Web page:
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what my uni course will cost me

June 7th, 2010 at 11:45 pm

June & July are going to be interesting months for me.

I am *this* close to being able to apply for my course at university. (You are allowed to apply for Semester 3 intake after the 31st July - for a November start).

There has been no talk at all of me + apprenticeship at work, so I am still taking that as a 'No' on my boss's behalf. Whatever.

Even though I am not jumping out of my socks at the thought of studying commerce, as opposed to... say... watching movies all day wrapped in a doona drinking hot chocolate. But the fact is I do find the whole thing very interesting, and I find the prospect of what I can DO with my studies once I've completed them, or even half completed them, exciting.

So that's the study-front sorted.

I've looked into the funding side of things a bit as well, but I think I get more information after I apply through QTAC.

But this is what I have figured out so far:

It costs ~$50-$100 to apply online and that covers three preference changes (not that I will be changing preferences, I don't think).

The government covers a percentage of tertiary study costs. I have no idea of the full course costs, so that doesn't really help me in any way, other than make me feel like I pay my taxes for a reason Big Grin
woohoo for Australia!

Students have a 'contribution' amount they have to pay, which is what is left after the government pays their bit.

The contribution amount differs depending on what you're studying. Art, Nutrition, Design etc are on a lower cost band than say, Business, Law or Medicine. I think there is actually three or four band costs, but that's not really important (to me, I mean).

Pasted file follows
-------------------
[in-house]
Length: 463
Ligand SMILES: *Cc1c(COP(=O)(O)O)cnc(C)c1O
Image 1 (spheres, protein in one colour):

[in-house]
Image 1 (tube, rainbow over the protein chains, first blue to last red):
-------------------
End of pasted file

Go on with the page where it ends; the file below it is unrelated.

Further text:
You don't actually find out what your contribution amount is until you've applied and been accepted, but they do give you the previous years amounts so you can see what it might be. So for the previous years, a Bachelor of Commerce has had a contribution amount of ~$1050 per unit. There are 12 units to complete in 6 years. So my initial study costs will be ~$13000 or so. I think. Unless I'm wrong. Big Grin

You can pay the full mount upfront and get a 20% discount. Which would be nice if I had that money to spend, but I don't. So instead you can elect to pay it off, through wage deductions each week, once your earnings hit a certain amount. Which apparently at the moment is around $40k a year.

Of course there are books to think about as well. No idea how much they will cost, but the good thing is that for distance study, they include everything you need pretty much, so that will take a load off my mind.

I talked to a friend of ours who did some study online, and loved it. She was really excited for me, and told me if I needed help to just ask her, but then said she found distance study better than on-campus study, and that I would be fine. This is very encouraging for me because for the most part, everyone has pooh-poohed the idea of online study. So yay.

Anyway. Sorry this was all just pretty much a ramble of thoughts about study. But atleast you now know the costs of studying in Australia vs the US.

I'm interested to know too, because for the most part everyone seems to have HUGE student loans on here. Is this the norm?

I think Australia seems to have an interesting way to fund study. Of course I'd be happier if tertiary study was FREE, like in some countries... but I think we have it fairly good.